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Hough-Snee N, Kasprak A, Rossi RK, Bouwes N, Roper BB, Wheaton J.2015. Hydrogeomorphic and biotic drivers of instream wood differ across sub-basins of the Columbia River Basin, USA. PeerJ PrePrints3:e1256v1https://doi.org/10.7287/peerj.preprints.1256v1
Instream wood promotes habitat heterogeneity through its influence on flow hydraulics and channel geomorphology. Within the Columbia River Basin, USA, wood is vital for the creation and maintenance of habitat for threatened salmonids. However, our understanding of the relative roles of the climatic, geomorphic, and ecological processes that source wood to streams is limited, and making it difficult to identify baseline predictions of instream wood and create targets for stream restoration. Here we investigate how instream wood frequency and volume differ between seven sub-basins of the Columbia River Basin and what processes shape these differences within these sub-basins. We collected data on wood volume and frequency, discharge and stream power, and riparian and watershed forest structure for use in modeling wood volume and frequency. Using random forest models, we found that mean annual precipitation, riparian tree cover, and the individual watershed were the most important predictors of wood volume and frequency. Within sub-basins, we used linear models, finding that some basins had unique predictors of wood. Discharge, watershed area or precipitation often combined with forest cover, riparian conifer and/or large tree cover in models of instream large wood volume and frequency. In many sub-basins, models showed at least one hydrologic variable, indicative of transport capacity and one ecological variable, indicative of the reach or upstream watershed’s ability to grow measurable instream wood. We conclude that basin-specific models yield important insights into the hydrologic and ecological processes that influence wood loads, creating tractable hypotheses for building predictive models of instream wood.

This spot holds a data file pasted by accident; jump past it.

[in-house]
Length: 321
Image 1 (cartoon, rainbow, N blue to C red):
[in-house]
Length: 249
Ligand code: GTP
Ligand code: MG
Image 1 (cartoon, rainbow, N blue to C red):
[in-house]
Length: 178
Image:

This manuscript is currently under review at River Research and Applications (submitted 20 May 2015).